Meeting notes from May 16, 2016 RHN Sponsored Safety Forum
The meeting began shortly after 5:30 pm and adjourned at 7:10 pm. Guests and panelists included:
- Paul Henderson (Deputy Chief of Staff and Public Safety Director, Mayor’s Office)
- Supervisor Mark Farrell and his aide Margaux Kelly
- Connie Chan, Supervisor Aaron Peskin’s Office
- Captain David Lazar, Central Station Captain
- Captain John Jaimerena, Northern Station Captain
- Commander Ann Mannix, Municipal Transportation (Vision Zero)
- Irina Chatsova, SAFE Program Director
- Plainclothes and uniformed officers from both Central and Northern Stations
Following brief introductory remarks, the floor was opened to questions from the audience, including:
Why is there no signage on Larkin Street, near Lombard, warning parkers not to leave anything in their cars? Both Lazar and Chan indicated they would check why there is no signage on Larkin. Lazar reported that there is signage on other streets around the crooked part of Lombard, and on Fisherman’s Wharf. In addition, there is a campaign to have rental car agencies, hotel concierges and other locations with extensive tourist interaction to distribute rear-view mirror hanging warnings about car break-ins and that nothing should be left in cars. Also, the Ambassador program at Lombard Street will begin again for the summer months; one goal is for the Ambassadors to speak with every parker to warn them not to leave anything in the car.
Statistics: Last year, the plainclothes team of Central Station made 130 arrests of individuals found to be breaking into cars. So far this year, there have been 30 arrests. Most of these are repeat offenders; many are known to the police already. They may have a history of gang involvement, drug dealing and/or violence, but they are now “in the business of” breaking into cars. Many rent a car to “go to work,” dress nicely and try to fit in. Once they have something of value, they immediately go to known fence locations to sell the valuables. Few of them carry weapons. Although some may fit the profile, most are not mentally ill or drug addicted. They have learned how to avoid being charged with crimes that will give them jail time. Because of public safety, police cannot give chase to these criminals for the crime of car break-in.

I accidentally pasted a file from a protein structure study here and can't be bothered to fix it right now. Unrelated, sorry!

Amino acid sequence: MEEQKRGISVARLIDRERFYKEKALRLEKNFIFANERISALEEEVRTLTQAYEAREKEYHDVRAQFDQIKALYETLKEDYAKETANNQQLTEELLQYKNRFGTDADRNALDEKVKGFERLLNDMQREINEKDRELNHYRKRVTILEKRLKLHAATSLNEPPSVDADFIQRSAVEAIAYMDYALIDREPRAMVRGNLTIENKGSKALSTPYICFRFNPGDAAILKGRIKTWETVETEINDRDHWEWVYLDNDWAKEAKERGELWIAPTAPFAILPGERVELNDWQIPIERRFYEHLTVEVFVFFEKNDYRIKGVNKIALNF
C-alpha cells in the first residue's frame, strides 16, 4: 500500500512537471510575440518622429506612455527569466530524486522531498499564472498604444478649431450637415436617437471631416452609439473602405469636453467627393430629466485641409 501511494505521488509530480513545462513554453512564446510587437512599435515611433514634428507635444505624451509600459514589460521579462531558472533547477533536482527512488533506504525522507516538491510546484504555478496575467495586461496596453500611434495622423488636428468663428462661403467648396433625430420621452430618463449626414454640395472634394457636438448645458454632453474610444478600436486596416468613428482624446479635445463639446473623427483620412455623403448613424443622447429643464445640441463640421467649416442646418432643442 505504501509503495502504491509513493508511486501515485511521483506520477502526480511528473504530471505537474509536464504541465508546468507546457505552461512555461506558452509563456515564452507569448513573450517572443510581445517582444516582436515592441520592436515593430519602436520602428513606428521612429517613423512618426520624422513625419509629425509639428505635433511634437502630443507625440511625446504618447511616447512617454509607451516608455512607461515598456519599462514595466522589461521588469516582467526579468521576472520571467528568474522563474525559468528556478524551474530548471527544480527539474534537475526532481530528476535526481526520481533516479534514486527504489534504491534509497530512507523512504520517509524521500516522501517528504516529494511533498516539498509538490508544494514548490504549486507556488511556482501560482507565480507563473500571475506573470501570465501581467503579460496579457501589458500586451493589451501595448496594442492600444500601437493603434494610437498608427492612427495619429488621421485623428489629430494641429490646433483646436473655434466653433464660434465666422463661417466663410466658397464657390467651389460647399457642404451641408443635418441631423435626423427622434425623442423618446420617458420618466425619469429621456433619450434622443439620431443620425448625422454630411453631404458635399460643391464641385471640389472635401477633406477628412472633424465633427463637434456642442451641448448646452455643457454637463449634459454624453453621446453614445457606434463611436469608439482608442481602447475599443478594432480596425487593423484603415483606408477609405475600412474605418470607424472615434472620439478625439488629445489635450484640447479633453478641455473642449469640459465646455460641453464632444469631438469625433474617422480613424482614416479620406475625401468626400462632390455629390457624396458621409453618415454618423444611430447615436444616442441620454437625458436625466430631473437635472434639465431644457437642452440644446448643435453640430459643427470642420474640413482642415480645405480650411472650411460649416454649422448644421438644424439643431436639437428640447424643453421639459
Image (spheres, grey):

Why are these criminals not being charged and serving time? There followed a discussion of this complex issue. One attendee asked about the impact of Prop. 47 that passed statewide in November 2014.
Under Prop 47, criminal offenders who commit certain nonserious and nonviolent drug and property crimes are subject to reduced penalties. Savings to be used to support school truancy and dropout prevention, mental health and drug abuse treatment, etc. One attendee reported that she has been trying unsuccessfully to collect data on the impact of Prop 47. Paul Henderson and Captain Lazar both addressed the need for accountability once arrests have been made. Captain Lazar asked whether RHN would be willing to participate in a “court watch” program to ensure that cases are not dismissed. Tina Moylan, Chair of RHN’s Safety Committee, will work with Lazar on this effort.
Vision Zero efforts to eliminate all pedestrian deaths in the City. Commander Mannix reported that the top intersections where pedestrian traffic accidents occur in the City have been identified and a number of changes have been or are being made including traffic light delay for pedestrians, colored street markings, increased citations for drivers not observing the pedestrian crosswalks, failure to yield, etc. Each police station in SF (including Central and Northern) are similarly identifying the most dangerous intersections and increasing citations for violators. It was noted that bicyclists frequently ignore traffic rules – efforts are being made to address this as well.
Personal and home safety. Do not hold or use your iPhone or other mobile device in public. Do not leave anything in your car. Be sure that you have a good home alarm system and use it. Increasingly, videos are helping the police to make arrests. Consider installing some kind of security camera system. Make an appointment for SAFE to come to your home and do a safety audit.